Plans for a wooden car plane have been revealed, as the Irish Aviation Authority (IAA) is considering an experimental plan for an unmanned flight.
The wooden plane, to be built by a consortium of Irish companies, will be piloted on an unmanned aerial vehicle (UAV) at the Aerosols Aviation Research Centre in Limerick.
The aircraft will be used to test the viability of unmanned aircraft in a wide range of environments, including urban, urban and rural areas.
In an IAA statement, it said the aircraft would be operated in the following conditions: It would be powered by a commercial jet engine, with a maximum takeoff weight of 40 tonnes.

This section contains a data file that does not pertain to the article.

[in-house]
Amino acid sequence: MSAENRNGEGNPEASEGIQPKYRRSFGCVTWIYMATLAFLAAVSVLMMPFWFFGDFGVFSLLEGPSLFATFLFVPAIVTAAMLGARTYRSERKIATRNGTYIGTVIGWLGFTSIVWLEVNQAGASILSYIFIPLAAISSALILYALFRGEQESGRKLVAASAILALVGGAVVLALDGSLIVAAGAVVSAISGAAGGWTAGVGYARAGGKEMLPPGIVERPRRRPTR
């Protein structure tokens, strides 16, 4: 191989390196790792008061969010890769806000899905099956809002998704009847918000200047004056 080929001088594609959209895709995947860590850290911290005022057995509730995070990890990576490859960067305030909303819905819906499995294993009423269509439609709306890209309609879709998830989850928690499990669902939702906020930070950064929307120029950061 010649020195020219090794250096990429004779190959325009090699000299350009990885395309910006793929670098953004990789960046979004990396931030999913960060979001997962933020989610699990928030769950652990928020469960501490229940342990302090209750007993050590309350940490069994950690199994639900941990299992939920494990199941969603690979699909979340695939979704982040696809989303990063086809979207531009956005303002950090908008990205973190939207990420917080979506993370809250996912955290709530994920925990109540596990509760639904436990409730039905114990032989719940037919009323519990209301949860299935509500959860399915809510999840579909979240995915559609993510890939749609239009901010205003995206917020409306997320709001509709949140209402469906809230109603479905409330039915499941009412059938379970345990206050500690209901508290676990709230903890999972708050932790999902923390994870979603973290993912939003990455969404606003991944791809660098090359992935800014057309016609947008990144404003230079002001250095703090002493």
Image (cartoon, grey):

It will have a maximum range of 600km, or 5 times the current world average.
Its flight path will be controlled using the IAA’s network of unmanned aerial vehicles.
An air traffic control (ATC) system will be in place.
A pilot will be able to fly the aircraft in and out of the air space, as well as land.
Two of the aircrafts crew members will be pilots, while a third pilot will carry out all of the operations.
“The idea is that this aircraft will become a model for future aircraft designs, enabling us to develop better control, safety and operational capabilities for this type of aircraft,” said Dr. Stephen McCartan, director of the IAAF, during a media conference.
“It will also demonstrate the feasibility of an unmanned aircraft system in a range of other environments.”
The IAA hopes to have the aircraft operational by 2020.